|Office||Claus en Kaan Architecten|
|Accessible||Tram 4-25; metro 51|
|More||Marlies Buurman, Maarten Kloos (red.), Amsterdam Architecture 1997-99, Amsterdam, 2000, p.92-93.|
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Pavillion on graveyard
On the edge of Amsterdam, in a bend in the river Amstel, lies the nineteenth-century cemetery of Zorgvlied. Some time ago, it became obvious that the monumental reception building, at the end of a long driveway, was too small. Instead of extending the building, it was decided to build a separate reception pavilion to the left of it.
Only the old building is visible from the driveway, and the low, rectangular pavilion does not come into view until the visitor is close to it. The building’s scheme is simple. A core in the centre contains toilets and a cloakroom. The surrounding space is divided into two reception rooms by means of glass walls. The other interior walls are clad with wooden panels. The floor is grey concrete. Because of the restrained materiality, the atmosphere is tranquil and serene. This is emphasized by the subdued light. The front elevation consists mainly of storey-high glazed areas. The rear elevation has a closed character because it is articulated by three high horizontal windows only. In the detailing of the façades, the grey plasterwork, the glass and the steel have been seamlessly joined wherever possible.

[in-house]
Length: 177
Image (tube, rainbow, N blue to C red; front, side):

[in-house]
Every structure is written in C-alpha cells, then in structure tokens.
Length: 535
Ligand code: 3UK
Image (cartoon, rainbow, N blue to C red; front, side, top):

The most expressive feature of the building is the massive canopy. This gives the space between the existing building and the new pavilion the character of an inner precinct. (ARCAM/BU)